Environments for senior living are changing rapidly, as evidenced by the industry’s current emphasis on design. Senior Housing News invites yearly entries for their Design and Architecture Awards in every service category. The annual Environments for Aging Conference offers “the latest strategies and ideas for creating functional and attractive living environments that meet the needs of aging populations.” With design in mind, here are five value-based trends that are driving innovation efforts in senior living.
Operators and investors are flocking to the senior housing industry from hospitality sectors. Their expertise is pushing service to more competitive levels. Seniors, too, are demanding more amenities and social options from the communities they choose. To answer this demand, EFA suggests ten ways design can offer great hospitality. Combined bar and concierge services can create a social hub around daily needs. Ambient common spaces can change throughout the day to accommodate gatherings large or small. Pools, theater areas, or game spaces attract younger family members and invite multigenerational connectivity.
Technology’s rapid change necessitates flexible design, and senior living is no exception. Specifically, design that promotes wellness and community is flooding the senior living market, from pressure-sensitive lighting systems to assistive tableware. Many seniors also benefit from staying connected with loved ones through systems like bloom that require no passwords or logins. bloom is proximity-activated through a sleek, lightweight bracelet which doubles as a health and activity monitor.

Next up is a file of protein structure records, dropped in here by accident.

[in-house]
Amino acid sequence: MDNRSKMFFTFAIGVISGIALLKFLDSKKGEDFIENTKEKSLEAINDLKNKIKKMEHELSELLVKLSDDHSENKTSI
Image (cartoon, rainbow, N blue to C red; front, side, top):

Active Minds and Lifestyles
In their new book called Staying Sharp, Henry Emmons, MD, and neuropsychologist David Alter have gathered research to support that modest exercises and body-based meditations enhance pathways in aging brains to retain youthful energy and curiosity. They emphasize activities that revolve around three core traits: Resilience, vibrancy, and awakening. Design-wise, communities with access to trails or water, or which are built around natural features like atriums or aviaries, can stimulate the growth of new pathways in the brain and satisfy cravings that go beyond the material to enrich the mind.
Hosts of other factors, both cultural and socioeconomic, will continue to drive senior living design into the 21st century. Predictions about the future of assisted living may also increase demand for innovative design in ways that will allow America’s fastest-growing demographic to live to the ends of their lives exactly where and how they choose.